The real work here would be defining good governance. A package of proposals and a commitment to back them, combined with a promise to not simply restock city hall with Jerry Sanders’ cronies might just do the trick
It wouldn’t be a fast process, but it’d be faster than any of the other choices available.
And it ain’t gonna happen.
Because the people pulling the strings here (Donna Frye, et. al., are really no longer players) won’t let it happen. His bad behavior has been a convenient excuse; the Recall Filner website domain registrations were done more than seven months ago.
Over the next few weeks we’ll see a Pandora’s box of bad policy being threatened (or enacted) in the hope Filner will back down. It’s gonna be almost as cringe inducing as watching those assorted women describe his conduct.
It’ll be like “Resign Bob or we’ll shoot this cute kitty”. Not literally; maybe something more subtle, like bulldozing Balboa Park. Or one of Carl DeMaio’s big donors announcing that he’s laying off employees because nobody wants to vacation here. You get the picture…
Speaking of dear Carl, word on the streets is that the (GOP leaning) Tarrance Group is polling around town looking to see if voters are sufficiently incensed to swallow their fears of the Dark Lord.
So Many Questions…
UT-San Diego ran a lengthy interview with Lee Burdick on Sunday, the Mayor’s latest chief of staff that actually made her (and by default the administration) sound reasonable. It was damn sweet of them to do so after putting columnist Logan Jenkins on the front page last week suggesting all the key players left at City Hall were some kind of quislings and urging them to resign. To hear Jenkins tell it, the Mayor’s so guilty he doesn’t even deserve a lawyer.
Here’s a snippet of the Burdick interview (Do read the whole thing!):
Q: At least one critic of Walt Ekard’s decision to accept a job as Filner’s chief operating officer described it as “enabling a monster.” Do you consider yourself enabling a monster?
BURDICK: “No, I do not. I would never characterize the mayor as a monster and anybody who does is engaging in the worst form of hyperbole. He was elected by the citizens of San Diego because of the values and the vision he presented and I am standing up for those values and that vision. I know that the legal process and the mayor’s defense is going to play itself in time and we’re going to know the right thing to do at the right time. But I refuse to jump to conclusions because the mayor may have a challenging personality, that he’s done anything wrong. I just refuse to go there. I think that’s contrary to his right to confront his accusers, which he has not done, and to build an evidentiary record on which a fair and just decision can be based.”
Then there’s the Voice of San Diego interview with former Filner chief of staff Vince Hall. I was biting my tongue so hard while reading it I thought it’d bleed. What a self-serving load of crap:
Hall said that he had long heard infidelity rumors involving Filner, but McCormack’s comment in the June 20 staff meeting was the first time he had heard any allegations of sexual harassment against the mayor from his staff.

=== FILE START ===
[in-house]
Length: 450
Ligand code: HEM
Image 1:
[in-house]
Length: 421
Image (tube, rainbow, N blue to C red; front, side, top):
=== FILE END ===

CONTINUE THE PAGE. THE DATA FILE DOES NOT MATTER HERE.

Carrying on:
Hall, who had worked for the mayor on and off since the late 1980s, said all he heard before becoming mayoral chief of staff was that Filner was a “womanizer” and that he never confronted him on any of those rumors.
“The mayor was my supervisor,” he said. “We never had a personal conversation about any personal issue.”
I’m wondering if any of the folks (some of whom are amongst the Mayor’s accusers) who actually had to work with this man will step up and refute this balderdash. From what I hear, (and, yes I’ve heard plenty, from multiple sources) the truth of the matter is in another universe from the city hall world Hall described. Sadly, I got all this info on background some time ago, so all I can do is jump up and down and flap my arms.
Sore Losers, Again
As if picking a (mostly) losing slate of candidates last fall was enough of an indignity, word’s out that UT-San Diego publisher Doug Manchester feels that he got the short end of the stick in his attempt to buy the Boston Globe.
From the Boston Herald:
A losing Boston Globe contender is claiming his San Diego media company outbid Red Sox owner John Henry — and would have gone even higher — a bombshell allegation that he says could delay the deal and leave the New York Times Co. open to shareholder backlash.
“We bid significantly more than Henry,” said John Lynch, the CEO of U-T San Diego, one of the Globe finalists. “At the end of the day, I’m certain our bid was higher and could have been a lot more higher if they had just asked. I’m just stunned. I thought this was a public company that had a fiduciary duty to get the most by its stockholders. … From the beginning, I don’t think they wanted to sell to us.”
Sometimes life’s about more than money. Maybe they should try a political breath mint next time.
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On This Day: 1957 - American Bandstand made its network debut on ABC-TV. The show was hosted by Dick Clark. Until this day the show had been a local show in Philadelphia. 1963 - The Limited Test Ban Treaty was signed by the United States, Britain, and the Soviet Union. The treaty banned nuclear tests in space, underwater, and in the atmosphere. 1981 - The U.S. federal government started firing striking air traffic controllers.